Since Toronto was founded, every elected official has promised to “fight, help and build.” Yet, Toronto still has its share of crime, homelessness, and lack of affordable housing et al., issues that every metropolis worldwide struggles with. The many social issues Toronto experiences are the same issues all large cities experience.
Instead of pointing out their opponent’s shortcomings, candidates should be using social media mass communication capabilities to explain why their experience (if any) and community involvement (if any) make them the best candidate.
I expect that throughout the next three days, there will be a flurry of last-minute activity among mayoral candidates and those seeking council seats. Ideally, candidates will step away from their laptops and spend this weekend interacting with the people of Toronto. When running for public office, social media does not beat meeting people face-to-face. However, as we have seen, social media is the primary means of campaigning for many candidates because it is easy to sit at home typing on a laptop. In either case, candidates should consider incorporating the following into their social media activity while they still can.
Why have candidates not utilized live video when meeting constituents at community events, conducting virtual town halls or knocking on doors?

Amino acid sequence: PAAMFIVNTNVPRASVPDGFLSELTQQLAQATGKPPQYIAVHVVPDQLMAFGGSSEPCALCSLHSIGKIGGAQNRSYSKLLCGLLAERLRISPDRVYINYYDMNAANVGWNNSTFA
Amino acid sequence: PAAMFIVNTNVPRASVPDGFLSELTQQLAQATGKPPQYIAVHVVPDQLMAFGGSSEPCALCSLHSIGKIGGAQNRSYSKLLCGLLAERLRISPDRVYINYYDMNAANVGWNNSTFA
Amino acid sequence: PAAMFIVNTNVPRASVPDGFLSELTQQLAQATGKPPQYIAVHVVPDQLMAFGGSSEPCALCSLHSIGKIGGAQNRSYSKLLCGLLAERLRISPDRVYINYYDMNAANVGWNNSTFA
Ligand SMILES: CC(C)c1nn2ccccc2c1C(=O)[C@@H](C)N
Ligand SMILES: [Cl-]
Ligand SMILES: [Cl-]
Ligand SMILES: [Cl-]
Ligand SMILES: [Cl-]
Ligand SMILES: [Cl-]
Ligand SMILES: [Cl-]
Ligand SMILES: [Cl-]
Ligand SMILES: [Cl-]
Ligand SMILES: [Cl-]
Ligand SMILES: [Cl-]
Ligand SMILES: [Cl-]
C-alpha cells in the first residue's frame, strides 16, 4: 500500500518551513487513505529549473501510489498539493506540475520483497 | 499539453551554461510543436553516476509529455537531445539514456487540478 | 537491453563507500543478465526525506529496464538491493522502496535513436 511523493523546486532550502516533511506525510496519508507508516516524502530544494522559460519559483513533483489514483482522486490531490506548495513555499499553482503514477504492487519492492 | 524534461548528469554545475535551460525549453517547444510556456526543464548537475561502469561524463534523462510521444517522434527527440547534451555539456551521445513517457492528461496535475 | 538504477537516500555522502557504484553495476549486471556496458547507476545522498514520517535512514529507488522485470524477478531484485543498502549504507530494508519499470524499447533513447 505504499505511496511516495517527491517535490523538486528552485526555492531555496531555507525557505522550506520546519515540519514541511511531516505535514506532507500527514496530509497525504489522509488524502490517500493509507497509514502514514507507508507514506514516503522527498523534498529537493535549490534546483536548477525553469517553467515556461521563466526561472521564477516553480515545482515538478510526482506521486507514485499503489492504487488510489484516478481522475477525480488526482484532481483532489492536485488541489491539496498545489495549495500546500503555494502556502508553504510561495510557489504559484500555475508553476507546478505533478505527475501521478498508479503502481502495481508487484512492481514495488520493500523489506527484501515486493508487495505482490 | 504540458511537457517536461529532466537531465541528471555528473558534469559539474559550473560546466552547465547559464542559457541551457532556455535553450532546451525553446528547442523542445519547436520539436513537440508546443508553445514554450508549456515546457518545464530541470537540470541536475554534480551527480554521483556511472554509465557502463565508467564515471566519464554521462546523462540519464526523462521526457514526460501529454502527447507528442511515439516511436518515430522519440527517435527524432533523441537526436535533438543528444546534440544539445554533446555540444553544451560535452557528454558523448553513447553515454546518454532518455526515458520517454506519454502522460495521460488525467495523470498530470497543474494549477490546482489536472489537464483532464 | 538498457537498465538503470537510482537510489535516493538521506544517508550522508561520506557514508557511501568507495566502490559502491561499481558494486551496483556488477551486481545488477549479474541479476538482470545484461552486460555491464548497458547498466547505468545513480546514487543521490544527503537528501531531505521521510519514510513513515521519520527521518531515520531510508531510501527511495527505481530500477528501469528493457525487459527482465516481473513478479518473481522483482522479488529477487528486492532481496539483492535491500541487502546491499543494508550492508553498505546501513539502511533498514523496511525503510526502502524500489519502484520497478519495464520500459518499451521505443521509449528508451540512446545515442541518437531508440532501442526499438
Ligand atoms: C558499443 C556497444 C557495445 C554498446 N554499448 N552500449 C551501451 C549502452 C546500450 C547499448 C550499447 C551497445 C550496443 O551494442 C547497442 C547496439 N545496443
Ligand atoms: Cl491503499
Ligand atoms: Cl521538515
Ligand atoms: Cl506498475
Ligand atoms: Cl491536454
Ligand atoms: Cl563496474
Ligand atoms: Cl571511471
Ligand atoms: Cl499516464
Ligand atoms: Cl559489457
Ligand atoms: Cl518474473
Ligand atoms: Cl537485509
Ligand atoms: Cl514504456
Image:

Social media video allows candidates to break their own news and communicate with constituents in real time. Unlike traditional newscasts, live video is available 24/7 without editorial interference.
Streaming live on Facebook, Instagram, Tik Tok and even Twitter, where most candidates seem to like to hang out, can be highly effective. Rather than just talking to voters one-on-one or in group settings, live video has a much greater reach. The added benefit is that the recording can be posted for constituents to view, share, and comment on.
·Don’t make election promises that can’t be kept.
At this point in the election, the horses have left the barn on this. Countless election promises have been made on social media platforms to get votes.
I get it; political campaigns are all about getting votes. I also understand that telling people what they want to hear is a vote-mining strategy that’s been around since the Greeks invented democracy.
Much has changed since the ancient Greeks raised their hands to indicate for or against the most notable: technology.